TRADE REFORM: Wage Inequality and Globalization 4


Nevertheless, there are a number of problems associated with estimating (4). Relative wages and value-added both determine and are determined by cost shares. In addition, we would like to know whether shares are changing because wages are responding to technology shocks, or employment levels, or both. Consequently, instead of estimating (4) we estimate a reduced form for both relative wages and relative employment levels separately as a function of both technology shocks and capital stock, the two variables in (4) which are pre-determined. This allows to identify the separate effects of technology shocks on both relative wages and relative employment. More info

Estimation Issues and Results

We have annual data on 2,354 manufacturing plants from the Secretariat of Trade and Industrial promotion (SECOFI) for 1984 through 1990. We proceed to examine the observable characteristics of these plants which are correlated with the relative wages and relative employment of skilled workers. We do so by regressing the log ratio of white-collar to blue-collar wages and the log ratio of white-collar to blue-collar employment on measures of (i) plant and industry export activity, (ii) plant and industry foreign-ownership status, (iii) trade protection, (iv) plant technology characteristics, and (v) characteristics of labor-market institutions observed at the plant level.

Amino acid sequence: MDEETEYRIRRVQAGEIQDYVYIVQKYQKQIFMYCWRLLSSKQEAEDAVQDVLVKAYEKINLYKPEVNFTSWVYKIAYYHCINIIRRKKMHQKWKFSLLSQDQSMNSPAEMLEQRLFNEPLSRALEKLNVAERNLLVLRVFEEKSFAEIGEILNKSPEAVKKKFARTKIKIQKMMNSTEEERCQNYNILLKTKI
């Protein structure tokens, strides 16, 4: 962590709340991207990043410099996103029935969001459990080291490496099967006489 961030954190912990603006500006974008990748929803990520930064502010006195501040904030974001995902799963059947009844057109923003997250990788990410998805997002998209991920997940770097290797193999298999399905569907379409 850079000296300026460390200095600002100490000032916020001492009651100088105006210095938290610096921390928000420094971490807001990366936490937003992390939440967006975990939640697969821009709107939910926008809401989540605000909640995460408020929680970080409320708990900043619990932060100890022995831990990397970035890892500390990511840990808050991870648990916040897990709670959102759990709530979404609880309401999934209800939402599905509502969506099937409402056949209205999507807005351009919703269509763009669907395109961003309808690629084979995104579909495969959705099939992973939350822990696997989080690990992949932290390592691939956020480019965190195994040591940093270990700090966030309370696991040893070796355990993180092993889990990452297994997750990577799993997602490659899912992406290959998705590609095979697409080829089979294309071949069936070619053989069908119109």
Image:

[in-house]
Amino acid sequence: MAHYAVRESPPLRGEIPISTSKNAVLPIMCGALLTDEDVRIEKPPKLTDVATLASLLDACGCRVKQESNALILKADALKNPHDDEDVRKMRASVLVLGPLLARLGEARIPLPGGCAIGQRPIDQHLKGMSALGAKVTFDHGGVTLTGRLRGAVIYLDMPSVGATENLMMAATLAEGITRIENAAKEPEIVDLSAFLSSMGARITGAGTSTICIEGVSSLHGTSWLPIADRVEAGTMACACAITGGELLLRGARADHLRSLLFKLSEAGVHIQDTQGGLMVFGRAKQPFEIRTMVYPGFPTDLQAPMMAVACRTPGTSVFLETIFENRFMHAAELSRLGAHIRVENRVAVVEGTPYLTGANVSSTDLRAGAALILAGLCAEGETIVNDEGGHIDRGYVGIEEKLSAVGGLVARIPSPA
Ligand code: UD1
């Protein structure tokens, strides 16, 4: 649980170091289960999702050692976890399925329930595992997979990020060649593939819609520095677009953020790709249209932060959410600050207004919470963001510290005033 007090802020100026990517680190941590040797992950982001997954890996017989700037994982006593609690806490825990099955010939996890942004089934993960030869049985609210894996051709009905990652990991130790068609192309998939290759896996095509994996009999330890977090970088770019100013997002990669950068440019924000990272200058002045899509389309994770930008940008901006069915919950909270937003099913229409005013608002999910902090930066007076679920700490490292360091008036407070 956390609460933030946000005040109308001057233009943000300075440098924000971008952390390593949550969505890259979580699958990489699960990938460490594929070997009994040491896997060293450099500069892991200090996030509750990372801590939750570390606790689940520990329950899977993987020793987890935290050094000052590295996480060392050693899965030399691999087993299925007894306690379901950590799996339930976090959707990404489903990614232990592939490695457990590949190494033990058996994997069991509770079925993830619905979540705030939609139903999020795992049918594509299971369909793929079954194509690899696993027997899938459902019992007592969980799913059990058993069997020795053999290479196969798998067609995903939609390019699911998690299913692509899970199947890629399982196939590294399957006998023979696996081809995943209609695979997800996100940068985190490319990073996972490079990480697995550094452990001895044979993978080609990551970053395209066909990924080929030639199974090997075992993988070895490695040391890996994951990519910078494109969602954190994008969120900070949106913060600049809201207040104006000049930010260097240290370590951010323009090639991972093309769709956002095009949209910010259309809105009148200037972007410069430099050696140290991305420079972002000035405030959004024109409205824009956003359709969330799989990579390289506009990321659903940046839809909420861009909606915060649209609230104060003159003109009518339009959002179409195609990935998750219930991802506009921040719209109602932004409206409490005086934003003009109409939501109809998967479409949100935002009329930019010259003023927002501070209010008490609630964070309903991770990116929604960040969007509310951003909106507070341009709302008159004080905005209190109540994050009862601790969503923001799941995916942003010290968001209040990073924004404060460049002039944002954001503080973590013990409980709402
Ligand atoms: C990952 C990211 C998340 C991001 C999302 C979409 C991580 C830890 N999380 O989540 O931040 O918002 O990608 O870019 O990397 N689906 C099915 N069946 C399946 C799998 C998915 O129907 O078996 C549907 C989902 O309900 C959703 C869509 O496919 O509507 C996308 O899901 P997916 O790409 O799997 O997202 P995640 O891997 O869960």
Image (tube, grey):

Levels regressions include dummy variables for the year, region, and two-digit industry. The sample is all plants for which we a complete set of observations on the variables described below. All regressions are weighted by the plant share of total employment and corrected for arbitrary heteroskedasticity.

Appendix Table A.1 lists the variables included in the analysis and gives variable definitions. The SECOFI sample classifies workers in two categories: obreros, who are equivalent to blue-collar workers, and empleados, who are equivalent to white-collar workers.

The activities of blue-collar workers include machine operation, production supervision, repair, maintenance, and cleaning; those of white-collar workers include management, product development, administration, and general office tasks. We identify white-collar workers as skilled labor and blue-collar workers as unskilled labor. We measure earnings as the average annual salary for each type of worker in a given plant.

Industry variables are defined at the four-digit level and measured excluding the plant on which the observation is taken. Variables that capture export orientation and foreign ownership status are the share of exports in total sales at the industry level, the share of industry employment in foreign-owned plants, a dummy variable that indicates whether a plant has positive exports, and a dummy variable that indicates whether a plant is foreign owned. We also include the industry average tariff rate, the average share of industry production that is covered by import licenses, and the product of the tariff rate and the import-license coverage rate.

Variables that capture technological change — either disembodied or embodied in capital goods — are the plant share of imported machinery in total machinery purchases, the plant share of imported materials in total material purchases, the plant shares of total equipment purchases and transportation equipment purchases in total investment, lagged plant total factor productivity, and royalty payments for patents, and copyrights or trademarks as a share of total plant sales. We also include dummy variables for the plant employment-size category and dummy variables for the plant capital-labor ratio by quintile.

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